And I Can Cook, Too

Wednesday, February 28, 2007

Sunday, February 25, 2007

Movin’ Out

My bags were packed by 8am. Unfortunately Carol wasn’t due to pick me up until two. I wasted some time by wandering down to the cities Festival Center, which today was featuring a small art show. I hesitated over two paintings of coffee pots that would have looked phenomenal in my kitchen, then quickly decided that the best way to save water was to amuse myself with the purchase of an “all day breckie roll.” I’d never had an all day breckie roll before, and was understandably curious. Turns out, an all day breckie roll is a sub roll loaded with an entire rasher of back bacon, a sprinkling of cheese, and topped with one fried egg. Available to top my all day breckie roll was an assortment of sauces ranging from American mustard to Thai chili sauce. I opted to take it straight. By the time I finished my all day breckie roll (I didn’t really finish my all day breckie roll, I don’t think anyone can eat that much back bacon), it was close to one o’clock and time to return to the horrible hostel to meet Carol. I said goodbye to the girls behind the bar, assured them that I’d stop in some time for a drink (I lied), and with the most sincere smile I’d managed all week hoped into Carols car for home. We were going to spend the afternoon doing some last minute errands (for them), going over directions to the train station, beach, and nearest town (for me), walk the dogs (for the dogs), and enjoy a meal (for everyone). After I unloaded my bags into the wonderful breezy back bedroom, the door of which opens directly onto the lanai, Carol, Louise, and I hopped back into the car for a quick trip to the nearest grocery store. Carol encouraged me to stock up on heavy items while I had a car to get them home. Once inside, we split up to do our shopping, and a few moments later a finished Carol and Louise were curiously eyeballing my cart of four cans of tuna, an Australian blue pumpkin, and eight liters of diet tonic water. After I assured them that from the experienced chef’s eye there really was a through line, they decided that it made perfect sense to soak your pumpkin water in diet tonic water for three days before cooking, and announced that they would wait for me at the coffee shop next door. We took the scenic view home, and ended up driving along miles of the pristine coastline that is the Gulf of Adelaide. Not just good for soaking up the sun, the beach was dotted with snack shops and featured an exercise path. We drove to the end of the path and cased the million dollar homes clustered around a small shopping area. We determined that we could get one of these homes if 10 or 12 of us went into it together. I commented on what a great idea it was to go into real estate with someone you’d met just a few days earlier, and someone, either Carol or Louise but not me, commented that it felt like we’d known each other forever. I felt the same way.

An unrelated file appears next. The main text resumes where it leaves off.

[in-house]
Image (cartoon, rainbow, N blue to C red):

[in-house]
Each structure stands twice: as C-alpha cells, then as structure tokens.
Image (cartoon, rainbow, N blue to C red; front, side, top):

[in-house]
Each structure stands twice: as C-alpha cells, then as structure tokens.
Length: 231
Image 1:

That night, we went out to dinner at an ocean front restaurant just a few miles down the road. Louise ordered a bottle of S.A. Chardonnay, and it was delicious – absolutely nothing like those awful oaky American Chardonnays that I would not touch with a ten-foot pole! This was light, crisp, clean on the tongue, and contained absolutely no fake oak flavoring. I ordered the regional delicacy, King George Whiting. The fish was wonderful, delicate but firm, with a distinct yet subtle flavor. Yummy. Repeating our first night together, Carol, Louise, and I did not shut up the entire evening. We gabbed about different places we’d traveled and lived, finding fun and joy in your work, and the miracle of meeting people who are ready to be in the same place in life as you are. As we drove back to their house, it occurred to me that I didn’t really want them to leave. When we started making plans to get together upon their return, I comforted myself with the knowledge that I’d made friends.

That night, as I fell asleep in the beautiful crisp air of the back bedroom, I thought about how lucky I was. And I kept it dry.


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